- In the Friends episode "The One With Ross's Sandwich", the C-plot involves Pheobe and Rachel taking an evening class together but Rachel not taking it seriously. They discuss this and decide Pheobe can take Monica instead, who takes it way too seriously. The ending credits play over this:
Other student: What is with that Monica girl?Phoebe: I don't know. I didn't come with her.
- In a Season 3 episode of Gossip Girl, Blair bumps into Dan and Vanessa and insists on this trope. Though she then backtracks when she realises how easily Dan is fitting into college life and asks him to be her date for Georgina's party
- In Huge, Chloe spends half the season pretending Alistair is not her brother, since she resents him being at a camp she previously considered her sanctuary.
- The Marvelous Mrs. Maisel: In season 2 episode 7 "Look She Made A Hat," Midge uses her family's Yom Kippur dinner as the place to come out and disclose her new career as a stand-up comedian, since she has to take off early to do a gig at the Gaslight for a booker. She has her manager, Susie come over for this confession. Abe has already learned about Midge's career after inadvertently catching her perform in the Catskills two episodes earlier. Rather than admit to keeping his wife in the dark, he plays along and pretends he doesn't already know Susie:
Susie: Hi, Abe.Abe: Very good. Deducing that I am Abe, Miriam's father. Hello, person I've never met before. Nice to see you for the very first time.Susie: Okay, so clearly I missed a pretty hefty cocktail hour.
- The Meakins' Catchphrase in Rentaghost is, whenever the Pantomime Horse starts causing havoc, to look around and say, very unconvincingly, "What a funny horse! I wonder who he belongs to?"
- In Scrubs, JD and Turk pretend not to know each other for a few weeks due to an embarrassing memory that they unwittingly brought up. It was done as a gag though and they're seen talking to each other again a few scenes later.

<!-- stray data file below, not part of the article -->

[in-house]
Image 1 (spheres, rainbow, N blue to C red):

- In an example that fits both types of the trope, when Dr Ethan Pierce first appeared on Shortland Street he and Dr Brooke Freeman pretended not to know each other, even though they had been lovers for years. Brooke felt that Ethan was an embarrassing reminder of her past and was already dating another man, while Ethan decided to go along with the ruse so that he could also date other women as well as use Brooke as a spy to gain a professional advantage at the hospital that they both work at.
- On The Wire, stick-up-man Omar steals money from the Barksdale crew, then gives Proposition Joe some of the cash in exchange for Avon Barksdale's pager number. Omar then uses the number in a failed attempt on Avon's life. When setting up a parlay between Omar and Stringer, Joe wisely pretends to have never met Omar in person.
"Don't believe we've met; Proposition Joe. You ever steal from me, I'll kill your whole family."
- In The Bible, Peter denies knowing Jesus when he's brought to trial the night before the crucifixion, making this Older Than Feudalism. And it was just a few hours after Peter said he would never do such a thing. And Christ being all-knowing, insisted he would, and he did. Peter was facing trial and horrible, excruciating death rather than embarrassment, but still...as soon as Peter realized what he did, he was horrified.
- In Danganronpa 2: Goodbye Despair, Fuyuhiko and Peko, the heir to the Kuzuryu clan and his bodyguard, respectively, are the only two classmates who knew each other prior to coming to Hope's Peak Academy. Fuyuhiko insists that their prior relationship never existed, and as such, Pekoyama calls him by his name instead of "Young Master", while Fuyuhiko, instead of calling Peko by her first name, tends to not refer to her by name at all. Ultimately, however, the truth behind their relationship comes out at the end of the second trial.
- In Housepets!, when Miles the wolf becomes a substitute teacher his teenage son Rockstar is show insisting to his human friends that "Mr the Wolf" is no relation.
- Centaurworld: "I Don't Know Him" is an entire musical number where Zulius and Splendib talk about not knowing who the other is, despite it being obvious to everyone else they have beef and are poorly pretending not to.
Wammawink: You know what? I really think they do know each other.
- In Daria, snotty Quinn is terrified that having Daria as a sister will endanger her social status — so the two must pretend not to be sisters. In a late episode, Quinn finally softens and admits this to her friends. Her main rival tries to make a big stink over it, but the others, Stacy and Tiffani reply, "Oh, we knew. We were just being polite."